Molly: Thanks! That does make sense. I have yet to experience that myself (probably given my age and gravitation towards the memoir genre), that commitment to the characters’ playing out what’s right for them, but I’ve heard other writers mention it. and yes, I did enjoy seeing Mira become Kate and find a second passion in academia.

Sari Wilson: Right, Brian. The lack of sleep is VERY REAL. Lots of studies about that (lol). But, really, it’s true. I spent so many many hours in the dance studio from ages 8–14 and so did so many of the girls I danced with. Our whole childhoods, really. And we are not alone. And I wanted to examine that. What did we miss out on? What aspects of development get thwarted? There is drama—and maybe tragedy—in that, it seemed…

Amanda: Did your editor make any major changes to the story? Or is there any major change you made after it was written? I’m always sort of interested in the ‘deleted scenes’ or ‘alternate ending.’

Brian S: I saw in your bio that you were a Stegner Fellow—what years? And is that when you experienced the Tenderloin?

Sari Wilson: Brian, I was a Stegner Fellow 1997-1999. Yes, the Tenderloin from that period—all the SF stuff came from that period, when we lived in the Mission. But then I interviewed some dancers who were dancing there in the 90s because I wasn’t—just riding the BART/Cal Train out and back to Palo Alto. Did you live in SF?

Brian S: I did, from 03-05 when I was a Stegner Fellow. And I rode those same trains.

Sari Wilson: Oh good. I wanted Kate/Mira very badly to find something else, to find some new passion. My editor really helped bring that out… as well as the parallels in the two storylines you mentioned, she worked on that with me too. (Over a year and half!)

Molly, that’s really foresightful of you… it took me a long time to commit to this novel. But finally I just knew that it would never leave me alone if I didn’t see it all play out.

Brian S: Are you working on something new yet or have you had other projects in play while you were finishing this?

Amanda: What are you working on now? What’s next for you? Do you think you’re done with ballerina stories or can we expect more from that world?

Sari Wilson: Amanda, both my agent and my editor worked with me on the novel. They both had me basically rewrite the entire Kate storyline. They were trying to help me get to something in the character, some salvation for her I think (it was even darker before they worked with me). With my agent, I de-plotted the ending (there were many more scenes and a different student lover). The student lover changed from a man to a woman. And I added more walking and thinking and processing scenes for Kate.

Amanda: Very interesting! I loved that the student lover was a woman. It completely changed the story and made more sense.

Sari Wilson: My editor too was really brilliant in the way that she helped me find the parallels between the two storylines. Did I answer your question Amanda?

Amanda: Yes! Perfectly! I am really enjoying this chat. Moreso than anyone else that we have chatted with, you have really done a great job of answering our questions and explaining your writing process to us. Thank you!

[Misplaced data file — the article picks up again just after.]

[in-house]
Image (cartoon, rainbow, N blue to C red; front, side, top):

Sari Wilson: Brian! I didn’t realize you were a Stegner too! We need to have coffee sometime. Excelsior was farther out, toward Palo Alto? The geography is fuzzy now… I have been back in NYC for fourteen years!

Great, Amanda. This is really fun for me too. To be talking to such involved and thoughtful readers/writers… Ooh, so glad you like that the student lover was a woman, Amanda. I got some flack for that—a book person told me that “I would lose a lot of readers”

Brian S: Yeah, I was in poetry. I don’t know too many people outside my two years there, unfortunately. Excelsior is in the city, north of South San Francisco and east of Glen Park. About two neighborhoods south of the Mission. Mostly working class when I was there. Most of the kids spoke English; most of the adults spoke something else.

Molly: I see you’re coming to Harvard bookstore soon! I don’t live there, but my cousin, a former professional dancer does—I passed that news on to her!

Sari Wilson: Thanks, Molly! I’d love to see her at the Harvard Bookstore reading. I really love talking to dancers and hearing their take on the novel…

Brian S: What are you reading these days? Anything we should be on the lookout for?

Sari Wilson: Brian, so much good fiction coming out right now! On my bedside table: Rachel Cantor’s Good on Paper, Samantha Hunt’s Mr. Splitfoot (a beautifully written book with a total plot), Your Heart Is a Muscle the Size of a Fist by Sunil Yapa… I guess all of the are plot books… but so uniquely written.

Sari Wilson: Also, Elena Ferrante’s 2nd novel from the series—The Story of a Name. I’m hooked. Like everyone else. How about you all?

Brian S: Well, our next book is Mark Leyner’s Gone with the Mind, which will go out as soon as I get them from the printer.

Sari Wilson: I will look for Gone with the Mind

Amanda: Thanks so much for a great chat Sari! I will look forward to whatever you come up with next!

Sari Wilson: Thanks everyone for joining me and being such perceptive readers. I really enjoyed this chat.

Molly: Thank you so much, Sari! Good luck with your readings and events !

Brian S: Have a great night everyone!